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ISLAM

Muslim leader ‘appalled’ by suspected jihadists

The president of the Austrian Islamic Community (IGGiÖ), Fuat Sanac, says he is surprised and appalled about the nine suspected jihadists who were arrested in Austria on the weekend.

Muslim leader 'appalled' by suspected jihadists
Sunni muslim leader Fuat Senac. Photo: APA (Archiv/Fohringer)

In an interview with the Austrian national Ö1 radio on Sunday, quoted by the Austrian ÖRF television teletext, Sanac said he was shocked that, according to the interior ministry, another 130 jihadists lived in Austria. The number seemed too high, he said. He would not have assumed that there were more than five.

The IGGiÖ president also said he condemned the atrocities committed by the Islamic State (Isis) jihadist group. "That has nothing to do with Islam," he said.

The Islamic Community said that it feared the number of attacks on Muslims in Austria was increasing.  On Thursday last week, an 84-year-old woman wearing a hijab was injured by a man in his thirties. The IGGiÖ said that the man, who swore at the woman in a Viennese dialect, kicked her over and knocked another woman down. The police were still looking for the man on the weekend.  The 84-year-old was taken to hospital.

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CRIME

Case dropped against second Swiss man over Vienna attack ‘links’

Swiss prosecutors said Thursday they had dropped the case against a second Swiss man over alleged links to a deadly shooting rampage in Vienna due to a lack of evidence.

Armed police officers stand guard before the arrival of Austrian Chancellor Kurz and President of the European Council to pay respects to the victims of the recent terrorist attack in Vienna, Austria on November 9,2020. (Photo by JOE KLAMAR / AFP)
Armed police officers stand guard before the arrival of Austrian Chancellor Kurz and President of the European Council to pay respects to the victims of the recent terrorist attack in Vienna, Austria on November 9,2020. (Photo by JOE KLAMAR / AFP)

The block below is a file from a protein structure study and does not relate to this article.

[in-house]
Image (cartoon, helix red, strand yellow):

The Office of the Attorney General (OAG), which last month decided to drop the case against one suspect, told AFP it had issued a discontinuation order in the case against a second man.

On November 2, 2020, convicted Islamic State sympathiser Kujtim Fejzulai killed four people in Vienna before being shot dead by police.

It was the first major attack in Austria in decades and the first blamed on a jihadist.

Two Swiss citizens who knew Fejzulai were arrested in the northeastern Swiss town of Winterthur just a day after the attack on suspicion they may have helped in its preparation.

‘How was it possible?’ Austrians left asking painful questions after Vienna terror shootings

The two, who were aged 18 and 24 at the time, were known to the police and were the targets of prior criminal cases over terror-linked offences.

The OAG acknowledged Thursday that no evidence had emerged that either man had participated in any way or had prior knowledge of the attack.

The older of the two men was meanwhile hit with a penalty in a separate case with no links to the Vienna file, the OAG said.

The penalty order, seen by Swiss media, indicated that he had been found guilty of violating Switzerland’s law banning Al-Qaeda, Islamic State and related organisations and of being in possession of “depictions of violence”.

According to the ATS news agency, an IS group video was found on his phone depicting people being executed and decapitated.

He was handed a six-month suspended prison sentence, a fine of 1,000 Swiss francs ($1,100, 950 euros), and three years’ probation, ATS said.

ANALYSIS: Vienna terror attack was ‘only a matter of time’

In light of this penalty, he would not be compensated for the 176 days he spent behind bars after his arrest following the Vienna attack, it added.

The OAG said a separate case was still pending against the younger of the two men, also on suspicion he breached the Swiss law banning Al-Qaeda, IS and related organisations, and over “allegations of depictions of violence”. “The presumption of innocence applies,” it stressed.

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